The Starke County Commissioners last night heard an emotional testimony from Jay Dollahan, a Knox resident whose dog had been killed by a Starke County Sheriff’s officer in September. Dollahan explained his dog had run out of his home and toward the officer to “check him out,” and he said his dog never would have bit the officer who approached his home to serve civil court papers.
Dollahan said the officer ignored the “beware of dog” sign and a number of other clues, including a large doghouse and chain, and proceeded up to the house rather than honking his horn or activating his sirens. Dollahan claimed the officer did not identify himself, but rather shouted, “Hey!” as he approached. The dog, which Dollahan said he had trained to open his door, then escaped from the house and ran toward the officer, who then fired at the approaching animal, killing it.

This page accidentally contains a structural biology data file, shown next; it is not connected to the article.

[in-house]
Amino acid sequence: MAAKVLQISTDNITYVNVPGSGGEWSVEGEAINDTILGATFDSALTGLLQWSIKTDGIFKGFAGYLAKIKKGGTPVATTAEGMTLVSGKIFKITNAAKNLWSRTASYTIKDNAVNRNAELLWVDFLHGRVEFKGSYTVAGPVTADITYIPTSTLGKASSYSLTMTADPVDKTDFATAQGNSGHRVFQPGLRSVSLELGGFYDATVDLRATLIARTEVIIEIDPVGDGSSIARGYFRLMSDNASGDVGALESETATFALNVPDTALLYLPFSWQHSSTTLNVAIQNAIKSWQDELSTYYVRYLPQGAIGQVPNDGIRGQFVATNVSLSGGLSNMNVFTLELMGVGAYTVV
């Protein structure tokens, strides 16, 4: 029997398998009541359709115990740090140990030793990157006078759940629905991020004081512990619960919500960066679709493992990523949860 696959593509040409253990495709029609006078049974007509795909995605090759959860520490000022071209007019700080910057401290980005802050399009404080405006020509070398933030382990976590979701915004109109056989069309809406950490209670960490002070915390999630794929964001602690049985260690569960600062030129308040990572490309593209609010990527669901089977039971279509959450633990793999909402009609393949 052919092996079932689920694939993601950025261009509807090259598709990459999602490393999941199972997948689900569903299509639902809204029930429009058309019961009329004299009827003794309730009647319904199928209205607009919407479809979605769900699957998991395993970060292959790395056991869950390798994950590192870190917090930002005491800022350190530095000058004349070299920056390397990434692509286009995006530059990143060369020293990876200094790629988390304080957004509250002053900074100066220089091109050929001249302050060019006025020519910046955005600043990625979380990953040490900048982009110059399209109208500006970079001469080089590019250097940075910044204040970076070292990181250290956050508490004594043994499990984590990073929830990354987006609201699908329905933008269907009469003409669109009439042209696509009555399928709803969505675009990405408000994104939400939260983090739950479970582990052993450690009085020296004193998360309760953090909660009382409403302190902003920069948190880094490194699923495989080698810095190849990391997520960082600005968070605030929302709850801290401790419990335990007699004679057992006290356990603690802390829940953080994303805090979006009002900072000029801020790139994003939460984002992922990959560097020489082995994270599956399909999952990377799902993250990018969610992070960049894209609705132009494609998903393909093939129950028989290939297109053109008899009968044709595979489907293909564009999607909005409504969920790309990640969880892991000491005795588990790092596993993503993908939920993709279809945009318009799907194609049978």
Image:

Although the commissioners have no authority over police protocol, Commissioner Kathy Norem said this could serve as a learning experience for county officials and police. Dollahan presented paperwork on what he called a “dog taser,” which he said could be used to non-lethally incapacitate a suspected aggressive dog with a modest cost of $85 each. Norem said the commissioners would discuss the possibility with Sheriff Oscar Cowen of finding other methods to deal with aggressive dogs.